The model incorporates topographically varying soil depths. The top and middle soil depths were fixed to 0.1 and 0.3 m, respectively, and the soil depth of the bottom VIC model soil layer was calculated using a digital elevation model (DEM) within a predefined range of 0.5–2.5 m (Elsner et al. 2010). The VIC model produces runoff and base flow at each model grid cell for each model time step. A separate streamflow routing model, developed by Lohmann et al. (1996), is used to generate daily time step streamflows at various river locations from the simulated runoff and base flow from each cell.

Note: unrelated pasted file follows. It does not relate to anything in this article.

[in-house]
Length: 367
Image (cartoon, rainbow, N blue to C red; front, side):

Calibration of the VIC hydrologic model at 0.0625° spatial resolution was carried out for monthly streamflow in 11 major subbasins of the CRB (Hamlet et al. 2013). The performance of the calibrated model was evaluated at smaller watershed scales where naturalized flow data were available. Model calibration and validation used a split sample approach in which calibration was performed over a 15-yr period (typically water years 1975–89) and model validation was performed over a separate 15-yr period (typically water years 1960–74). Calibration and validation periods were chosen to include a range of wet, dry, and average years to test and/or evaluate model performance. Figure 4 shows Nash–Sutcliffe efficiency (NSE) and correlation R2 statistics for each site for which observed natural streamflow was available. NSE indicates the ability of the model to predict observations, with values above 0 indicating skill superior to climatology and 1 indicating a perfect match with observations. Generally, a well-calibrated model produces NSE and R2 values that exceed 0.7 (Liang et al. 1996; Nijssen et al. 1997). A few locations showed negative NSE coefficients because of substantial bias in the simulations (to which the NSE metric is very sensitive). Most of these sites showed acceptable R2 statistics, however, which supports the assumption that relative changes (e.g., the ratio of the future to historical 100-yr flood reported below) are useful metrics even for those sites with relatively poor NSE scores. Additional evaluation of simulated flood statistics using observed streamflow data is reported below.